Business Strategy
Small Businesses Survival and Success: An Exploration of Socioeconomic Motivators and Restraints

Article Details
Pub. Date : Dec' 2020
Product Name : The IUP Journal of Business Strategy
Product Type : Article
Product Code : IJBS11220
Author Name : Manoj K Sharma and Poonam Sharma
Availability : YES
Subject/Domain : Strategic Journals
Download Format : PDF Format
No. of Pages : 18

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Abstract

The purpose of the study is to understand the segment of businesses which are neither part of the informal sector nor covered under government definitions of SMEs. This segment falls somewhere in between these two. This study examines their socioeconomic motivators which encouraged them to choose and continue in small business activities. Factors restraining further growth have also been explored due to which they fail to rise and come under SMEs definition. Nineteen Likert-style statements were used to determine the start-ups' socioeconomic motivations. This study revealed that socioeconomic factors like the need to provide financial support to family, government policies and perceived alternative employment opportunity significantly affect the decision to undertake small business and later performance of the business. Also, respondents reported many factors which they perceive to have led to the stagnant growth of their businesses. The findings of the present work can be used as a reference to work out policies to encourage self-employment. Small business owners too can benefit by being aware of the problems or barriers which normally come and halt the expansion plans. Also, the study contributes to small business literature in the form of motivators and restraints which affects the seedbed of entrepreneurship directly.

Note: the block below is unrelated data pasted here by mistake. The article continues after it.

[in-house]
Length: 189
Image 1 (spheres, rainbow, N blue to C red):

Description

The significance of small businesses and entrepreneurs is immense for almost all economies. The importance of this sector has been discussed in many studies (Cromie, 2000; and Reddy, 2007). The vitality of this sector calls for investigation into the factors and restraints which may provide a boost or discourage this sector (Wennekers and Thurik, 1999; Mehralizadeh and Sajady, 2005; and Wiklund and Shepherd, 2005). These small businesses are considered as a seedbed of entrepreneurial activities. The small businesses can be the vehicle for both Schumpeterian entrepreneurs which produce the products and processes that change the whole industry and who just own and run a business for earning livelihood (Wennekers and Thurik, 1999).

It is normally argued that self-employment is an outcome of certain push and pull factors (Kirkwood, 2009). These push and pull determinants of business start-ups along with short-term and long-term success of small businesses have been an extensive area of research (Mehralizadeh and Sajady, 2005). But, it is also a fact that very few businesses rise in comparison to the number of businesses existing in the so-called seedbed of entrepreneurship. These


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